Transcript:

Joy: Hey! Someone posted about me on ISpiedYouCleveland. com.
Melanie: Oh! You have a secret admirer?
Joy: Yeah, listen do this “I spied you in Lakewood Park yesterday, gorgeous brunette with amazing smile. With a delicate purposeful flick of your finger, you tossed away strands of hair behind you ear and melted my heart.”
Melanie: Aw. Hey, I was with you at the park.
Joy: So?
Melanie: So I could be the gorgeous brunette.
Joy: Well I suppose you could be, but
Melanie: But what?
Joy: Well, he wrote, “amazing smile.”
Melanie: But you never smile.
Joy: That’s what makes it so amazing.
Melanie: Okay, then how do you explain the line about the hair tuck? That’s my signature move.
Joy: All right. To humor you, let’s write him back for some more details.
Melanie: Yes, let’s.
Victoria: Gather round, people. I have a major announcement. My daughter Emmy is coming to visit.
Joy: Oh, that’s great.
Melanie: Oh, I haven’t seen Emmy in so long. Well, how old is she now? Let’s see, she was born four years before Will, so she’s what, 26?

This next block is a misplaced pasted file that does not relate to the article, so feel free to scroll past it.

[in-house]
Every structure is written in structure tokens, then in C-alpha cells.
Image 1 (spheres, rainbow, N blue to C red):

Victoria: That sounds right. Oh, no, I remember, because she was born the same year I received my first Emmy nomination for Edge of Tomorrow. Yeah, I named her Emmy because I figured one way or another, I was gonna bring one home.
Melanie: Speaking of which, how are Tony and Oscar?
Victoria: Well, it was an honor just to give birth to them. I just wish that I knew why Emmy was coming. She’s always up to something.
Melanie: Well, what’d she say on the phone?
Victoria: That the Brazilian telenovela she starred in got canceled.
Joy: Noooo. They canceled Too Poor to Dream?
Melanie: Well, I’ll bet Emmy’s coming because her show was canceled. And your show was canceled. So she’s just looking for some sympathy, and her mother’s love.
Elka: Fat chance. I just read on TMZ she’s writing a tell-all book about you.
Victoria: What?! Oh, no! That’s terrible!
Joy: Well, it might not be bad. Maybe she’s writing a tell-all about what a great mother you are.
Elka: It’s called Every day is Mother’s Day.
Melanie: See? That’s sweet.
Elka: Colon How I survived being raised by daytime’s evil queen.

Melanie: How did you get Emmy’s book?
Victoria: Oh, my agent got advance review copies from her publisher.
Joy: Did you really send your housekeeper to stand in for you at Emmy’s mother-daughter day?
Victoria: And I paid for her English lessons so she could pull it off. Of course, they conveniently left that out.
Melanie: Why did you send in a stand-in?